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Three Keys to Rethinking Retail (3/3): Location and Localism

local shopping village

With a groundbreaking combination of experiential innovation, cultural cachet and world-class tenant representation (if we say so ourselves), Culture Kings’ massively successful first international store opening in Sylvia Park showed us that brick-and-mortar retail isnt dead — just different. For retailers to thrive in a post-COVID world, there are three key adjectives to consider: omnichannelexperiential, and local. 

We think each of these deserves an in-depth exploration, so we’ve tackled one each week in this three-part blog series. Read Part 1 or Part 2 if you missed them! 

‘Localism’ and why location is key 

It’s no secret that CBDs in Australia and around the world have been hit hard by the COVID-19 pandemic. But this spending has not evaporated – it’s just shifted to the suburbs. The resurgence of local shopping villages and high streets has been driven by a confluence of lockdown restrictions, working from home, and increased support for smaller community businesses. These ‘third spaces’ will also serve as hubs for community connection and socialisation, with 70% of consumers wanting local retailers to reflect the people and communities they serve. 

Once again, we find this trend reflecting in Culture Kings’ recent opening in Sylvia Park, its first international store. Sylvia Park is New Zealand’s biggest and busiest shopping centre, with 15 million store visits annually (equivalent to every Kiwi visiting three times!) – but it’s actually 12km from the Auckland CBD. 50% of Auckland’s population lives within a 20-minute drive of Sylvia Park’s strategic location on the city fringe, and there are big development opportunities for the swathes of suburban land surrounding the shopping centre turned thriving mixed-use community.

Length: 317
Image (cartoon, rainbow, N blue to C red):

Back across the Tasman Sea, 85% of Australians intend to buy from local businesses to help them on the road to recovery, and the commercial property sector is responding to these shifting demands accordingly. Australian Unity committed $85 million in July 2020 in further development works across its neighbourhood shopping centre portfolio. And like Sylvia Park, Chadstone Shopping Centre’s $685 million expansion proves that suburbs are well and truly the future of post-COVID retail. 

Of course, opportunities for city-centre retailers aren’t gone for good, but this dramatically altered property landscape necessitates skilled tenant advisory and representation. Speak to Tenant Leasing Group today to help identify, source and negotiate the best property solution your business needs to survive in a post-COVID world.  

We hope you’ve enjoyed this blog series. Stay safe, stay sane, and stay tuned for more commercial real estate insights. 

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Phil Reichelt

Director, Tenant Leasing Group

Phil has 25+ years experience advising and representing tenants on retail, office, industrial, large format retail, healthcare and other commercial property leasing.

A trusted veteran, Phil knows how to work negotiations in the tenant’s favour. He builds relationships directly with founders, business owners and senior executives to help optimise their business property situation.

Better lease deals for business tenants.

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